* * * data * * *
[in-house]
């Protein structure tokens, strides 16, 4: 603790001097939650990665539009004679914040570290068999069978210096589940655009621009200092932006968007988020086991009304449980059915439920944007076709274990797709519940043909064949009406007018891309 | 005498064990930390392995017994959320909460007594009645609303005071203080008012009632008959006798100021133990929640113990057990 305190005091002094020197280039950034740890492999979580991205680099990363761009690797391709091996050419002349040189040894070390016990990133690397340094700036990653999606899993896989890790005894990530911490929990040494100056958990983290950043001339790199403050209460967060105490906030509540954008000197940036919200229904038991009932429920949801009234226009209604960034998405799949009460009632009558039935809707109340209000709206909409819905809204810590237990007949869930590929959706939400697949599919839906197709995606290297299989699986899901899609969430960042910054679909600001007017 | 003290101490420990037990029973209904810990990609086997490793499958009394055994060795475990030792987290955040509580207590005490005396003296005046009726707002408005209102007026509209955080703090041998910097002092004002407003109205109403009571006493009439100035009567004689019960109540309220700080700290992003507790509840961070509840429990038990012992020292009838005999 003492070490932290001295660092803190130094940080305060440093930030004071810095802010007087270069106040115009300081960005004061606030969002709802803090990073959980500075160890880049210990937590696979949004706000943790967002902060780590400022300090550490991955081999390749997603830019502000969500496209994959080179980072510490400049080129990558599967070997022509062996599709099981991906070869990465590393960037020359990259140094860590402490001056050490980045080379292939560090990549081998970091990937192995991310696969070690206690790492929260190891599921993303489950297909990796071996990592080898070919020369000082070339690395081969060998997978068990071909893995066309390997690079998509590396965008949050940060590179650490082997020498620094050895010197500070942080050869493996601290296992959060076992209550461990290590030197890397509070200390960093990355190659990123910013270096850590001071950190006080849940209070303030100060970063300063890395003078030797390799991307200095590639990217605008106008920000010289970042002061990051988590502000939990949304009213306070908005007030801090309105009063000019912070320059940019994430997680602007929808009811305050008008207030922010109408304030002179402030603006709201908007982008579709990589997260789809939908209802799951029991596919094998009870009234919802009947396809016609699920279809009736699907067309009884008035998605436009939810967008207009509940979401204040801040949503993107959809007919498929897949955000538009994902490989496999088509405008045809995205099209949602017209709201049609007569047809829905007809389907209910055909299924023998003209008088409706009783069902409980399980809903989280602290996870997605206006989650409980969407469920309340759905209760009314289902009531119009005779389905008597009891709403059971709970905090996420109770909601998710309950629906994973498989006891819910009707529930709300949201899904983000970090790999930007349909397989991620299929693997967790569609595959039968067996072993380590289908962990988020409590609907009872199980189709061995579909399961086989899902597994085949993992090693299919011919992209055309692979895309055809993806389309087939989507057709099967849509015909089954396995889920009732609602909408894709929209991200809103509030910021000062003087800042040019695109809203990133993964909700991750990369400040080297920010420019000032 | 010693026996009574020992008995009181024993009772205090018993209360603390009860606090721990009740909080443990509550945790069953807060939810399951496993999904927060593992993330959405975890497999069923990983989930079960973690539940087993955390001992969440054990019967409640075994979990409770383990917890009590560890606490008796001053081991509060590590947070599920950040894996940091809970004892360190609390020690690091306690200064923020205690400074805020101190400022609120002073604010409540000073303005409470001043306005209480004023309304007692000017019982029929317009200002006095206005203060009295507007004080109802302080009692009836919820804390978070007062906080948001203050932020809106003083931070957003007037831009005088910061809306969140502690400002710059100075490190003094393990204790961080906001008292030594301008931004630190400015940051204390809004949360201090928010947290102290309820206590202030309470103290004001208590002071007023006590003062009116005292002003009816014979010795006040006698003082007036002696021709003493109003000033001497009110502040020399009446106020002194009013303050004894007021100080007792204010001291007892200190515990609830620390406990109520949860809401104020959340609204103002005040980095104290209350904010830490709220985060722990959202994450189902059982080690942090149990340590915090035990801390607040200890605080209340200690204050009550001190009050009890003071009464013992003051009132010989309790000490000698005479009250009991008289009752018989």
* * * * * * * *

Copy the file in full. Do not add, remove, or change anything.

[in-house]
């Protein structure tokens, strides 16, 4: 603790001097939650990665539009004679914040570290068999069978210096589940655009621009200092932006968007988020086991009304449980059915439920944007076709274990797709519940043909064949009406007018891309 | 005498064990930390392995017994959320909460007594009645609303005071203080008012009632008959006798100021133990929640113990057990 305190005091002094020197280039950034740890492999979580991205680099990363761009690797391709091996050419002349040189040894070390016990990133690397340094700036990653999606899993896989890790005894990530911490929990040494100056958990983290950043001339790199403050209460967060105490906030509540954008000197940036919200229904038991009932429920949801009234226009209604960034998405799949009460009632009558039935809707109340209000709206909409819905809204810590237990007949869930590929959706939400697949599919839906197709995606290297299989699986899901899609969430960042910054679909600001007017 | 003290101490420990037990029973209904810990990609086997490793499958009394055994060795475990030792987290955040509580207590005490005396003296005046009726707002408005209102007026509209955080703090041998910097002092004002407003109205109403009571006493009439100035009567004689019960109540309220700080700290992003507790509840961070509840429990038990012992020292009838005999 003492070490932290001295660092803190130094940080305060440093930030004071810095802010007087270069106040115009300081960005004061606030969002709802803090990073959980500075160890880049210990937590696979949004706000943790967002902060780590400022300090550490991955081999390749997603830019502000969500496209994959080179980072510490400049080129990558599967070997022509062996599709099981991906070869990465590393960037020359990259140094860590402490001056050490980045080379292939560090990549081998970091990937192995991310696969070690206690790492929260190891599921993303489950297909990796071996990592080898070919020369000082070339690395081969060998997978068990071909893995066309390997690079998509590396965008949050940060590179650490082997020498620094050895010197500070942080050869493996601290296992959060076992209550461990290590030197890397509070200390960093990355190659990123910013270096850590001071950190006080849940209070303030100060970063300063890395003078030797390799991307200095590639990217605008106008920000010289970042002061990051988590502000939990949304009213306070908005007030801090309105009063000019912070320059940019994430997680602007929808009811305050008008207030922010109408304030002179402030603006709201908007982008579709990589997260789809939908209802799951029991596919094998009870009234919802009947396809016609699920279809009736699907067309009884008035998605436009939810967008207009509940979401204040801040949503993107959809007919498929897949955000538009994902490989496999088509405008045809995205099209949602017209709201049609007569047809829905007809389907209910055909299924023998003209008088409706009783069902409980399980809903989280602290996870997605206006989650409980969407469920309340759905209760009314289902009531119009005779389905008597009891709403059971709970905090996420109770909601998710309950629906994973498989006891819910009707529930709300949201899904983000970090790999930007349909397989991620299929693997967790569609595959039968067996072993380590289908962990988020409590609907009872199980189709061995579909399961086989899902597994085949993992090693299919011919992209055309692979895309055809993806389309087939989507057709099967849509015909089954396995889920009732609602909408894709929209991200809103509030910021000062003087800042040019695109809203990133993964909700991750990369400040080297920010420019000032 | 010693026996009574020992008995009181024993009772205090018993209360603390009860606090721990009740909080443990509550945790069953807060939810399951496993999904927060593992993330959405975890497999069923990983989930079960973690539940087993955390001992969440054990019967409640075994979990409770383990917890009590560890606490008796001053081991509060590590947070599920950040894996940091809970004892360190609390020690690091306690200064923020205690400074805020101190400022609120002073604010409540000073303005409470001043306005209480004023309304007692000017019982029929317009200002006095206005203060009295507007004080109802302080009692009836919820804390978070007062906080948001203050932020809106003083931070957003007037831009005088910061809306969140502690400002710059100075490190003094393990204790961080906001008292030594301008931004630190400015940051204390809004949360201090928010947290102290309820206590202030309470103290004001208590002071007023006590003062009116005292002003009816014979010795006040006698003082007036002696021709003493109003000033001497009110502040020399009446106020002194009013303050004894007021100080007792204010001291007892200190515990609830620390406990109520949860809401104020959340609204103002005040980095104290209350904010830490709220985060722990959202994450189902059982080690942090149990340590915090035990801390607040200890605080209340200690204050009550001190009050009890003071009464013992003051009132010989309790000490000698005479009250009991008289009752018989």